16 of 19 nuclear power stations have been closed
There seems to be movement on the nuclear power issue. Now “Kerntechnik Deutschland e.V.,” the nuclear industry’s trade association, is sending Chancellor Scholz an urgent letter calling on him to extend the operating lifetimes of the last three remaining nuclear power plants in Germany. In view of the current “emergency situation,” in which Russian energy supplies must be replaced as quickly as possible, steps must be taken immediately to ensure security of supply, the letter says.
In order to be prepared in a further escalating situation as a result of the war over Ukraine, which may well lead to gaps in the power supply this year, or at worst in the coming winter of 2022/2023, all available energy sources must be used. In the case of power supply, these undoubtedly include German nuclear power plants, which with their round-the-clock availability, and in addition in a climate-friendly manner, not only stabilize the power grid in an emergency, but also with their generation can cover a considerable part of the base load demand.”
But that train seems to have left. Of the 19 nuclear power plants that once supplied Germany with electricity, only three are still in operation. These still supply 11 percent of the electricity, continuously, inexpensively and reliably – but they are scheduled to be shut down toward the end of the year. The German coalition government have not yet been able to answer where the electricity will then come.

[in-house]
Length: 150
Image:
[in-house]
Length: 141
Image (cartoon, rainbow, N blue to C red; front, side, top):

The utilities have gotten accustomed to their subsidized wind farms
From the ranks of the utilities, one hears that it is possible in principle to keep the last three nuclear reactors running. Most recently, E.ON stated that continued operation would be possible if politicians wanted it. It is a question of money. Only the chief opportunist from the conservative CSU, Markus Söder, seems to be slowly realizing that the wind is changing.
All too understandable is the power utilities have grown afraid of dealing with nuclear power. The battles over nuclear power plants have cost them too much money, nerves and time. Now they are earning their good money with highly subsidized wind farms. Regardless of whether they supply electricity or not, as nonsensical it may be, it’s a secure source of income. A company committed to business principles may not care at first where the money it earns comes from. But it does not escape their attention that this business model is limited in time, and train is about to collide into a wall. But there is a willingness to talk among the utilities.
Utility EnBW in Baden-Württemberg also says that nuclear power plants can continue to run. EnBW operates Neckarwestheim 2, the last nuclear power plant in Baden-Württemberg. The technical prerequisites are in place, emphasized CEO Frank Mastiaux. The nuclear power plant is a very, very safe power plant, he said. The Green-Socialist Federal Environment Ministry made the claim that continued operation was not recommended for safety reasons.